Today, I'm writing about two of my favorite music documentaries my middle school music students enjoyed watching during African American History Month. The two movies are Keep on Keeping’ On and Thunder Soul. These films provide a great platform for meaningful discussions in the instrumental music class.
There are two misconceptions about jazz that prevent many teachers from incorporating improvisation into their curriculum. One widely held belief is that students need to have all of your scales and chords memorized before they can try to improvise. A second misconception involves -thinking of improvisation with the end in mind, rather than as a skill developed over time. As a result of these long held beliefs, music educators are often reluctant to explore the art of improvisation with their students.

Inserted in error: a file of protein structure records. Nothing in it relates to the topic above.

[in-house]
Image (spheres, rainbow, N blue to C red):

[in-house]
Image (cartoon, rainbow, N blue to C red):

As a middle school music educator, I found that the middle school/junior high school years provide an excellent opportunity to introduce kids to jazz improvisation. Most middle school and junior high level jazz ensemble music arrangements involve only a few chord changes making it a favorable time for students to learn the art of improvisation. In today's post, I'm sharing som